Your Story is Just Beginning…
The first job you get after leaving the military is not the end of your story by any stretch of the imagination. You can definitely change jobs a few times. In fact, today’s job market is driven by people who change jobs every couple of years in order to earn more money or chase promotions. There is no written rule that says you have to stay in your first post-military job for 20 years, though you certainly can make the decision to do so. If you want to work in a career field that requires additional education or training, but you are intent on leaving the military, you could consider “in the meantime” type jobs, or alternative job opportunities that allow you to leave the military, have income and pursue the education or training that is needed for your chosen career field. There are many things you can do “in the meantime”, but here are three options to think about.
Sales (Insurance, Car Sales and Real Estate)
Everyone needs insurance, right? Automobile insurance is required by law. Potential homeowners cannot buy a house without insurance on the home. This makes insurance sales a great choice. There is required licensing, but once this is attained, the sky is really the limit. Some insurance salespeople make well into the six-figure range. Another great choice in the sales arena is car sales. Most of the time, car salespeople are trained in-house at the dealership and have the potential to make very good money. Real Estate is a sales job that, like insurance sales, requires licensing. However, if you live in an area where the housing market is doing well, Real Estate sales may be the way to go.
The key thing about all of these sales options is that they are likely to be commission-only. Remember, the Post 9/11 GI Bill does offer a housing allowance if certain criteria are met. Add that to the potential for VA disability compensation and you can fill some of the pay gaps that can come with a commission-only job.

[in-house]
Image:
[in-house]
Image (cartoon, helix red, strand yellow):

Retail is a good option for many reasons, especially for college students. Retail offers flexible work schedules, benefits and decent pay. In fact, many retailers are paying well above the federal minimum wage which, combined with the housing allowance from the Post 9/11 GI Bill and the potential for VA disability compensation, can add up to a decent living. Also, there is room for advancement in retail. Perhaps you start off as a cashier at a retailer and complete a degree in human resources. You could apply for and get a human resources job with the same retailer. Maybe you get a business degree while working for a wireless carrier. You may end up being promoted to store management with the same company. Believe it or not, this happens often.
Truck drivers are mandated by law to hold a commercial driver’s license, or CDL. This is acquired by conducting a driving test in an 18-wheeler truck. Nevertheless, once the license has been received, you can make a nice living, especially if you get hired by a large company. These companies love to hire Veterans because of our work ethic. There are even driving opportunities with large restaurant chains. Of course, you will be on the road for a considerable amount of time, but there may also be in-town driving opportunities that allow you to be home every night.
There is an abundance of other alternative job opportunities out there, from freelance writing to driving for a ride sharing company. The goal is to make some money while you go to school. Who knows? Your “in the meantime” job may open doors for you that you never considered. You may be able combine your degree and that “in the meantime” job experience to create a new path of success you did not think was possible.